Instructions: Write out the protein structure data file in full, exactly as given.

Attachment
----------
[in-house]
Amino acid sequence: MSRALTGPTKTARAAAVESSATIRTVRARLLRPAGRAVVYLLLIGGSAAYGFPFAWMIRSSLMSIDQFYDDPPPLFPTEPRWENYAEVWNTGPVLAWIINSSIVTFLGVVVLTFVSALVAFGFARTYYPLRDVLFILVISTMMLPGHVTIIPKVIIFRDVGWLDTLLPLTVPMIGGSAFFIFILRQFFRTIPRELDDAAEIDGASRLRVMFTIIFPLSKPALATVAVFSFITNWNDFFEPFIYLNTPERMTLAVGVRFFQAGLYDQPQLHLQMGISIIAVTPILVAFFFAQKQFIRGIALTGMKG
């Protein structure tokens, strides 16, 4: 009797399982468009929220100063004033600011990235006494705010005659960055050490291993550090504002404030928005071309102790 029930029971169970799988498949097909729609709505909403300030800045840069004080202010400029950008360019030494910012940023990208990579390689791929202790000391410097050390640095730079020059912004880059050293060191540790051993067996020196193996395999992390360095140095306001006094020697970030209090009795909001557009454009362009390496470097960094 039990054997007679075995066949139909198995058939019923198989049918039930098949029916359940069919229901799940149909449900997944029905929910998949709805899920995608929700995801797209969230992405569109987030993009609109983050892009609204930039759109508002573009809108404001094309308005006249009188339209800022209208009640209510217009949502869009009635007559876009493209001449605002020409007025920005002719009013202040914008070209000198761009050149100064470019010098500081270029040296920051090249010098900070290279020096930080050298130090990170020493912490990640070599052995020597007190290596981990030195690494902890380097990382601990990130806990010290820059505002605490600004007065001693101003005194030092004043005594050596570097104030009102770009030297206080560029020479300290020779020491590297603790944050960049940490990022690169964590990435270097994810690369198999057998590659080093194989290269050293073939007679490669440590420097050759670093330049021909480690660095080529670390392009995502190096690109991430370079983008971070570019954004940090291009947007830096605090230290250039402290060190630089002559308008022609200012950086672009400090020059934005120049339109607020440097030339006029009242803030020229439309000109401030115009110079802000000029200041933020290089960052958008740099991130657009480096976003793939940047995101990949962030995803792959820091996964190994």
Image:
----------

[in-house]
Amino acid sequence: MSRALTGPTKTARAAAVESSATIRTVRARLLRPAGRAVVYLLLIGGSAAYGFPFAWMIRSSLMSIDQFYDDPPPLFPTEPRWENYAEVWNTGPVLAWIINSSIVTFLGVVVLTFVSALVAFGFARTYYPLRDVLFILVISTMMLPGHVTIIPKVIIFRDVGWLDTLLPLTVPMIGGSAFFIFILRQFFRTIPRELDDAAEIDGASRLRVMFTIIFPLSKPALATVAVFSFITNWNDFFEPFIYLNTPERMTLAVGVRFFQAGLYDQPQLHLQMGISIIAVTPILVAFFFAQKQFIRGIALTGMKG
């Protein structure tokens, strides 16, 4: 009797399982468009929220100063004033600011990235006494705010005659960055050490291993550090504002404030928005071309102790 029930029971169970799988498949097909729609709505909403300030800045840069004080202010400029950008360019030494910012940023990208990579390689791929202790000391410097050390640095730079020059912004880059050293060191540790051993067996020196193996395999992390360095140095306001006094020697970030209090009795909001557009454009362009390496470097960094 039990054997007679075995066949139909198995058939019923198989049918039930098949029916359940069919229901799940149909449900997944029905929910998949709805899920995608929700995801797209969230992405569109987030993009609109983050892009609204930039759109508002573009809108404001094309308005006249009188339209800022209208009640209510217009949502869009009635007559876009493209001449605002020409007025920005002719009013202040914008070209000198761009050149100064470019010098500081270029040296920051090249010098900070290279020096930080050298130090990170020493912490990640070599052995020597007190290596981990030195690494902890380097990382601990990130806990010290820059505002605490600004007065001693101003005194030092004043005594050596570097104030009102770009030297206080560029020479300290020779020491590297603790944050960049940490990022690169964590990435270097994810690369198999057998590659080093194989290269050293073939007679490669440590420097050759670093330049021909480690660095080529670390392009995502190096690109991430370079983008971070570019954004940090291009947007830096605090230290250039402290060190630089002559308008022609200012950086672009400090020059934005120049339109607020440097030339006029009242803030020229439309000109401030115009110079802000000029200041933020290089960052958008740099991130657009480096976003793939940047995101990949962030995803792959820091996964190994």
Image: